Great Blakenham’s energy-from-waste plant which will burn all of Suffolk’s non-recyclable waste is up and running

The energy-from-waste plant in Great Blakenham

The energy-from-waste plant in Great Blakenham - Credit: Archant

Suffolk’s £180million energy-from-waste incinerator has been officially unveiled.

The plant in Great Blakenham, near Ipswich, will burn all waste which cannot be recycled – using the heat made in the process to produce enough electricity for 30,000 homes.

In its first year it is due to save £8million through cutting fees councils pay for using landfill sites.

The company SITA UK will run the site for 25 years on behalf of Suffolk County Council.

Rebecca Hopfensperger, the county council’s cabinet member for localities, environment and waste, said: “The county council, together with the Suffolk Waste Partnership, promised this project would be good for the tax payer, a good environmental solution and deliverable.

“We have met all of these promises. This year alone we are making an £8 million saving for Suffolk. The facility will reduce our carbon emissions, produce enough electricity for 30,000 homes and is on track to achieve the environmental gold standard of BREEAM excellence.

“We have proved the facility is deliverable in Suffolk by opening on time and on budget. The county council has shown that by acting in a business-like manner it can deliver what it promised.”

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Earlier today the plant’s testing phase was successfully completed – with the site first producing electricity in September.

Paul Leighton, plant manager for SITA UK, said: “This facility turns something we don’t want – the waste left after recycling – into something we do – enough electricity for 30,000 homes.

“After nearly three years of construction and comprehensive testing to make sure everything works as it should, we are really proud to have delivered this project on time, on budget and with an excellent health and safety record.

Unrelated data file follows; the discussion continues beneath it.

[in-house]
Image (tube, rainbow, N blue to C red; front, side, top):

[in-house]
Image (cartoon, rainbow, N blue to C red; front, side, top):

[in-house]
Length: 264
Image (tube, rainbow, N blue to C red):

“Our expectations for this site were very high, it wasn’t enough for it to simply fulfil its purpose of putting the county’s waste to good use, we also wanted it to be the best in terms of design, technology and operation, and chose our contractors accordingly. We are therefore equally proud of the awards and commendations we have received.”

The building was designed by Grimshaw, the world-renowned architects of the Eden Project in Cornwall, and has been described by the architectural watchdog, CABE, as setting the standard for future industrial buildings.

It was built by Lagan with the process equipment supplied by CNIM, a leading manufacturer of energy-from-waste plants.

A visitor centre, which will open in the new year for adult and school groups, was designed by DesignMap, the company which helped turn the Cutty Sark into a top visitor attraction.

The site has brought a number of benefits to the community. During construction more than 100 Suffolk firms won contracts, worth around £13.5 million, to supply goods and services to the site. It is estimated a further £1 million a year will continue to be spent in the local economy.

It has created 47 new jobs on site and a further 200 could be created if the proposed greenhouse project, which will use surplus heat from the site to grow tomatoes, goes ahead.

Eleven projects, including Great Blakenham village hall, Sproughton church hall and the 24 Ipswich Scout Group, have received more than £240,000 of funding from the SITA Trust to improve their facilities.The funding is available to groups within a three-mile radius of the site.

The facility has a capacity of 269,000 tonnes of waste a year – and on average it will deal with 5,000 tonnes a week.

Sterling Suffolk is planning to build two commercial greenhouses nearby to take surplus heat from the site. Covering nearly 50 acres, the greenhouses would produce 7,500 tonnes of tomatoes a year, create around 200 jobs and turn Suffolk into one of the top tomato producers in the country.

Planning permission has been granted and it is hoped work will start next year.

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